A classroom game exploring energy transfer within an ecosystem
By Colby Tofel-Grehl, Sarah Braden, Candace Penrod, Laura Wheeler, Tyler Hansen, Andrew Jones, and Clayton Chamberlain
Have you ever seen a cat catch a mouse? Have you wondered why cats chase mice or pounce on a bird? These are two examples of energy flow in ecosystems, which can be represented in food webs. Energy flow through living systems keeps the organisms and system alive, thus, it is an important core idea for elementary students to conceptualize and apply.
Animals depend on their surroundings for their survival. Some eat other animals while some eat plants. In consuming their food, animals are consuming energy. This cycling of matter and the accompanying flow of energy within an ecosystem occurs because of interactions among and between organisms. The health of an ecosystem is very much dependent on the success and stability of the living things within that ecosystem. Energy needs to flow continuously through all living systems for life to continue, as each component plays a critical role. Disruptions to one component can have significant effects on the entire system. Requiring students to model these relationships through simulations can provide them with a solid foundation for conceptualizing the dynamics and the importance of energy and matter flow among living systems.
To guide students in modeling how ecosystems function, we share “Ecosystem Chess,” a game upper elementary students can play with limited materials to simulate an ecosystem. This game addresses Next Generation Science Standards (NGSS) 5-LS2A and 5-LS2B, in which students “explore interdependent relationships in ecosystems” and the “cycles of matter and energy transfer in ecosystems.” In doing so, students explore the practice of modeling and the crosscutting concept of systems and system models described within the standard. While 5-LS2 directly mentions matter and not energy, because of the tight relationship between matter and energy across science disciplines, Ecosystem Chess provides the added benefit of addressing both concepts. Thus, Ecosystem Chess incorporates the NGSS crosscutting concept of “energy and matter” in which students trace how “energy and matter flows, into, out of, and within systems [and] helps one understand their system’s behavior” (NGSS Lead States 2013). In this article we outline the details of the game and provide information for teacher preparation and implementation. In addition, we suggest lines of teacher questioning to use when playing the game to help scaffold student thinking and conversation. Teachers might start with these suggestions and further refine them over time through reflective practice to meet the specific needs of their students. This game can be a single lesson or part of a larger lesson and series of simulations for students to explore. Because it lends itself to a wide range of environments, teachers are encouraged to engage the game multiple times as they support students in learning about the roles of various groups in an ecosystem, energy transfer, and human impacts within the ecosystem. Ecosystem chess is very open ended by design to support teachers in the widest range of settings and circumstances.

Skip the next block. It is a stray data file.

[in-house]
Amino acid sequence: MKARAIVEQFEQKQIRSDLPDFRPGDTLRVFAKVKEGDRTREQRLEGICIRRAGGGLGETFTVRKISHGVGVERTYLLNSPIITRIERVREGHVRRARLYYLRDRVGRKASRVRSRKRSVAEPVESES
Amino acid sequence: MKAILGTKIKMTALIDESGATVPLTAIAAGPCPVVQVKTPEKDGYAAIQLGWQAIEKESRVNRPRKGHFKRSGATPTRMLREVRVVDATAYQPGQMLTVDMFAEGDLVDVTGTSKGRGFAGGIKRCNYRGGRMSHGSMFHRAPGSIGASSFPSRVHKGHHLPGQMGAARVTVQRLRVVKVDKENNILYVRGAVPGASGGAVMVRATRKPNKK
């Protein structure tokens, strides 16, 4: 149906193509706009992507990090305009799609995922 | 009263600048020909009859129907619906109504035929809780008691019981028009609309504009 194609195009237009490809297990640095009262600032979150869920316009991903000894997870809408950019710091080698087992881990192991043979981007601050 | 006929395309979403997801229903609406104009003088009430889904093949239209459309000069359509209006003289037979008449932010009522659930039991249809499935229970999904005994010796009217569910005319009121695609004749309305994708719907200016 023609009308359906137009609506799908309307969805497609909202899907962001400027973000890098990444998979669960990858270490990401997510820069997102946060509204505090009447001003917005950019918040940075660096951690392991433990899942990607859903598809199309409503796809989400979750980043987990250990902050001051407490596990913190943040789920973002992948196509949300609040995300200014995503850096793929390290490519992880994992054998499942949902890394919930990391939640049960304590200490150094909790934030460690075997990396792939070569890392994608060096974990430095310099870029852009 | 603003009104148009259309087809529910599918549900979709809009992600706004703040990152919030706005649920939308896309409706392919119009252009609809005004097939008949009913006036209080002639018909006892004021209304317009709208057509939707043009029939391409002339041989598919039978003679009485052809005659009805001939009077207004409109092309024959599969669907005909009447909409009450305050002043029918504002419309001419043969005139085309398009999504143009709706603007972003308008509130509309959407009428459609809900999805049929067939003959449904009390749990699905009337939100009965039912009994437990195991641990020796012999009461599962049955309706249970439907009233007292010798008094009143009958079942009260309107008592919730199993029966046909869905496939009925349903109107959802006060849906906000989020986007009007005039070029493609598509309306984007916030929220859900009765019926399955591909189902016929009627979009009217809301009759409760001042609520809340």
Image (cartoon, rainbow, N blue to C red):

Ecosystem chess engages students in modeling and exploring the relationships between different members of an ecosystem. After teachers give a lesson on food webs, illustrating the ways that matter and energy move throughout an ecosystem, teachers can engage students in game play that models these relationships. To play, students are assigned a role within an ecosystem either as a producer, consumer or predator. Once assigned, students will move around a classroom chessboard interacting with each other based on their role within the ecosystem. When members of the ecosystem meet on the board, they “battle.” Success is determined based on who occupies the higher role on the food chain. Ecosystem Chess focuses students’ attention on the movement of energy within and throughout an ecosystem (5-LS2-1) because when one organism competes with the other—one is consumed and the energy and matter from the organism that is eaten is transferred to the consumer. This game can be played to model any ecosystem! The game acts as an in-class simulation where students physically act out and model the interrelationships of an ecosystem. Students access these concepts through engaging and reinforcing psychomotor interactions that build connections between their decisions and actions and the scientific content. This simulation is specifically designed to allow students to explore the interactions of different components of an ecosystem and the flows of energy and matter within it. Teachers can tailor the complexity of the ecosystem to the skills and ages of their students.